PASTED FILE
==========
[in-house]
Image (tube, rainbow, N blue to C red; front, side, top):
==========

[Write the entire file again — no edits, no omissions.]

[in-house]
Image (tube, rainbow, N blue to C red; front, side, top):